For Newporter, Wallcoverings a Passion
Newport — A faded photograph, a frayed and worn fragment or perhaps just a verbal description.
Often, that is all the evidence Laura McCoy has to work with when she begins her research. Her objective is to recreate the original design of an authentic historic wallcovering.
“I call myself a wallpaper archaeologist,” McCoy said during a recent interview. “Sometimes people bring me almost nothing, or I’ll get fragmentary evidence, such as a little strip. A big fragment is great.
“Research, research, research,” McCoy replied when asked how she is able to determine the original pattern with only bits and pieces or an old black and white photograph, sometimes less, to get started.
Her experience in the industry, extensive knowledge of wallcoverings and exhaustive research combine to aid McCoy in resolving the mystery of the original pattern. Her artistic talent then takes over to recreate the design in all its intricate detail.
Since starting Laura McCoy Designs, Inc. in 1987, McCoy has done 37 museum houses and private homes and recreated more than 125 wallpapers. Among the more notable designs are those in the homes of three past presidents: Andrew Jackson, Lyndon Johnson and Rutherford B. Hayes.
Tomorrow, she will discuss her work at a Newport Historical Society presentation titled Trash to Treasure: Restoration and Recreation of Historic Wallpaper.
The talk begins at 6:30 in the Richards Library ballroom.
From an early age, McCoy had formal training in wallcovering while working for her family’s interior design studio and art gallery in a small town in Indiana where she grew up. She also received a somewhat informal education in history that stimulated her love of the past.
“My interest has always been in history,” McCoy said. “I was raised in a pre-Civil War home and my best friend growing up was a 75-year-old lady. I used to sit on her front porch and listen to stories about her grandfather driving a stagecoach.”
After earning degrees in English literature and art and interior design from the University of Indiana, McCoy landed a job in Connecticut with a wallcovering company. She rose to the position of “Wallcovering Stylist” and supervised first run production at the company’s printing plants across the country. When she was given the opportunity to oversee a historic wallpaper line, McCoy realized that the historic designs she found in archives and old homes were what really inspired her. Yet, she rarely found them authentically reproduced in the retail market where she worked.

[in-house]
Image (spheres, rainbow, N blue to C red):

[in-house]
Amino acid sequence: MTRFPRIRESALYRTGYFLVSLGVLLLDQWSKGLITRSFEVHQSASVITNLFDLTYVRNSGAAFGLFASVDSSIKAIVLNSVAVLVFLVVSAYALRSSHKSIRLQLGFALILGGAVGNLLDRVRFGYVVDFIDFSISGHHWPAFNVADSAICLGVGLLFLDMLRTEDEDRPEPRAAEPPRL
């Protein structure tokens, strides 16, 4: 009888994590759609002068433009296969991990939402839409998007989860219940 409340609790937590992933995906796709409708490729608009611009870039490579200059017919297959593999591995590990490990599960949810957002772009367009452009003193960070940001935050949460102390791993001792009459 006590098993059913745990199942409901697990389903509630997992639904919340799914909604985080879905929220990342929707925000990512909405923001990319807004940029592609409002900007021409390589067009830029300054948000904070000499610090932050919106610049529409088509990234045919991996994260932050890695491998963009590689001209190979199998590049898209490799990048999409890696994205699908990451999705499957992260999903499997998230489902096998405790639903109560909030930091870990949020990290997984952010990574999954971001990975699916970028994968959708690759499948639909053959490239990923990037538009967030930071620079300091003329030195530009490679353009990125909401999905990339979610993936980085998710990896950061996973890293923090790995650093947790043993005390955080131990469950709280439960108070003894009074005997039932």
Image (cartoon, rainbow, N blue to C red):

“When I was young, I thought how great it would be if I could work in history and interior design together. I didn’t know back then it could be done. This work is such a specialty, only a few people do it.”
McCoy’s reproductions cover a 200-year period from 1770 to 1970. In addition to relying on some visual evidence of the wallcovering, information on the house or building is also key.
“I tell the client I need all the historic information on the house; when it was built, who built it, the level of society and what room,” McCoy said. “I need to know if it is the parlor, bedroom, hallway or dining room.”
For the Hayes home, Spiegel Grove in Fremont, Ohio, McCoy said she worked from some fragments but primarily from faded photographs.
“He (Hayes) loved Spiegel Grove,” said McCoy, noting that he moved back there after his one term as president ended in 1880. “The wallpapers there are silk screen reproductions with a few digital borders.”
For Jackson’s home in Tennessee, Hermitage, McCoy reproduced a wallcovering for the parlor.
She has also done historic reproductions for the Mark Twain House in Hartford, Conn., the Gore Place in Waltham, Mass., and the Comal County Court House in New Braunfells, Texas. Her work has been featured on HGTV and appeared in Preservation magazine and Antiques magazine.
McCoy’s passion for interior design and history is matched by her love of Newport, where she and her husband moved about three years ago from Fairfield County in Connecticut, with their daughters, Emily and Abigail.
McCoy said they had talked about moving away from the traffic and congestion of southwest Connecticut — they lived a stone’s throw from the Connecticut Turnpike — and spent about five years searching in the Newport/Claremont area and the Plymouth/Holderness region.
“I loved Newport right off,” said McCoy. “It is a real small New England town and everyone is so friendly. I fell in love with the Richards Library and the green.”
When choosing Newport, McCoy said she and her husband Scott, a computer consultant, had a “bucket list” that included being close to water, skiing, a college and things to do. McCoy said the Newport area has it all and plenty more.
“We love the privacy and the quiet living,” she said, adding that anyone who says there is nothing to do around the area is “woefully misinformed.”
When she speaks tomorrow, McCoy will also focus on the wallpaper at The Fells in Newbury, N.H.
“The Fells is such a wonderful local treasure and has a wealth of historic wallpaper.”
The most impressive wallpaper in the hall was originally made in France 1833 and depicts scenes from “The Chase,” McCoy said.
It was produced in 1883 by a French company, Zuber and Cie, that was founded by Jean Zuber in 1797. The scenic design set is made up of 32 panels, each one approximately 18 inches wide.
“Every color is from a block print and they had to use over 1,000 blocks to make the set,” McCoy said. “In the course of my lecture I actually show how all the blocks come together to become the final wallpaper.”
Also on display during the program will be several original wallpaper samples from Mc Coy’s extensive archives as well as printing tools and samples of her work.
Patrick O’Grady can be reached at firstname.lastname@example.org.